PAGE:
In response to child-abuse emergencies, real or imagined, the agency usually sends CPS agents and police to a home. The police pry the children’s little fingers off their mother, with everyone screaming hysterically during the “pull,” as they call it.
In other cases, children are snatched from school or from buses after school, without notice to parents frantically waiting at bus stops. Often they are taken late on a Friday afternoon, so parents cannot challenge the action in court over the weekend, and so that the children can be held incommunicado and given medications — drugged — during that time. The goal is to soften the kids up to make “disclosures” about parental abuse in order to allow CPS to get a court order for custody. Sometimes CPS agents go to court to get an order before taking the children, but when they do so, it is almost always done in secret in a closed courtroom, without the parents or attorneys present.
Unfortunately, CPS often gets it wrong both ways — genuine abuse is often missed or ignored, while most of what is reported as abuse or neglect does not rise to any reasonable level of seriousness. (See chart below.)
Into the Belly of the Beast
After the snitch network does its part to get the children into the CPS pipeline, the cases either go into an elaborate administrative process, or to a so-called “shelter” court hearing, held within a few days in order to determine whether the removal of the children from the home was proper. At that court hearing, usually conducted in secret without the press or public allowed, the court will appoint separate lawyers for the mother, the father, and the children. Many of these hearings are conducted so quickly that parents do not have time to prepare a defense, and the lawyers often cut corners by telling their clients to just agree to keep the children in custody until a trial, which could be a year or more away. Only later do the parents find out that they had agreed that their children needed state protection and had waived any possibility of getting them back quickly, or even at all.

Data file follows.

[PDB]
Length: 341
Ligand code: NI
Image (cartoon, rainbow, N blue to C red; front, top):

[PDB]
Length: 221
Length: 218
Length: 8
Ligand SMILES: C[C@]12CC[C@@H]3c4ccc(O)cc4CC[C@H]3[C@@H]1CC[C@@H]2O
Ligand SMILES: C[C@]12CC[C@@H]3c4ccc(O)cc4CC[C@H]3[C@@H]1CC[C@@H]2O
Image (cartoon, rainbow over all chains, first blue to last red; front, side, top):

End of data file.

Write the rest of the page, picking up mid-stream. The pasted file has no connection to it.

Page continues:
The cases that do not go to court are shunted into a surreal, nightmarish administrative system, and the children are often allowed to stay at home or with relatives while the bureaucrats dither.
A social worker will eventually make up a document called a “case plan” or “service plan,” in which the alleged failings of the parents are summarized. The case plan includes a set of tasks and social services intended to “fix” the parent, much like one might repair an appliance. In order to get the children back home if they were taken, or to foreshorten an administrative case, the parents must do all the activities mandated on the plan, such as going to parenting classes, meeting with a social worker, going to substance-abuse treatment, or getting psychological evaluations.
Social workers, often severely maladjusted and working out their own tortured past vicariously through their clients, frequently treat the parents with whom they work as property, ordering them around at whim. They set up services to be done during work hours, causing people to lose jobs and placing the family in financial distress. They can order that a man suspected of spanking his children must leave the home, putting additional emotional and financial burdens on a family.
As with most government programs, there are unintended consequences that no one considered when putting the scheme together. Since social workers are so easily duped, divorcing spouses have made extensive use of CPS reports as a weapon in family court. Want to get custody fast? Just call CPS and accuse the other spouse of abuse. CPS will also do the bidding of schools that have trouble handling difficult children, and will threaten parents who do not want to drug their children with ADHD chemicals.
When children are placed in foster care, the agency usually treats them with mercenary callousness. Social workers and foster parents do things to children that if done by parents would likely have triggered removal of the child. Children are routinely kept out of school for weeks, are denied needed medical care, and are even abused physically and sexually. Children with asthma are often placed with heavy smokers, and children with speech impediments are often placed with immigrants who struggle with English. Almost all children are heavily drugged, with up to six powerful mind-bending medications, in order to ensure their docility.